Moscow is sprawling, in a plain stretching unbroken from the Atlantic to the Urals, Russia vast to defy comprehension. All we knew of it was of missiles and tanks in their tens of thousands, soldiers in their millions, worker drones in their hundreds of millions, animated presumably by devotion to beliefs alien to us, perhaps (we hoped) treated by them with an irony eluding the state, omnipresent yet unseen, imbued in limitless arbitrary power. The Red Menace seemed quite real, proud scarlet banners waving from towers beyond count. The people in their blood-red shadows didn’t know any other life, how could they, or desire a different world unless in whispers, small rebellions of no account to the suffocating power of what was. Were they happy? In some ways, surely, always the human heart seeks happiness; but we had the escape of Sheremetyevo to look forward to, they did not.
Two years later, the glittering mirage collapsed under its own weight, without warning.
So every once in a while, a diary like this becomes necessary. African-American Kossacks write them with a terrible regularity, limitless as the tides (I, II, III); Jewish Kossacks as well (I, II); and now, if you don't mind, I'm going to do the same for the gays. Can't speak for the womyn gays, though; love ya, gals, with all my heart and soul, but this here is a guy thing. Totally come to the after-party, comp tickets at the door, bottle service and all, but let me get this out of the way first.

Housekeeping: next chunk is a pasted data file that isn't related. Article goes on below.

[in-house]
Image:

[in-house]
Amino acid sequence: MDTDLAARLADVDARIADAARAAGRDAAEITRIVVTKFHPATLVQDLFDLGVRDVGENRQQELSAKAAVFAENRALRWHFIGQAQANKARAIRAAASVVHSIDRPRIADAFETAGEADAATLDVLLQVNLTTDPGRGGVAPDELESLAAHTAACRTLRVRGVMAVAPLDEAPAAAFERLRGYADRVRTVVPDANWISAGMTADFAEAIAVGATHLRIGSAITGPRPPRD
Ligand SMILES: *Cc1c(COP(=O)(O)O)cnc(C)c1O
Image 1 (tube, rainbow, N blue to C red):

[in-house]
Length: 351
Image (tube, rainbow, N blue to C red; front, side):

You see, a lot of us men of the fabulous persuasion receive or perform oral sex. In the vernacular, suck cock. Kinda goes with the territory of man-on-man sex and would seem to be self-explanatory. This practice makes us, English being the wonderfully idiomatic language it is, cocksuckers. One of those amazing Anglo-Saxon words that just drips with disdain.
Along with the F and P words, cocksucker is the insult of choice among troglodytes, teabaggers and trolls towards guys like me, and more generally any man these types don't particularly like. The implications are, I suppose, weakness, femininity, pretty much the same moron-shortspeak as the oft-used lack of balls.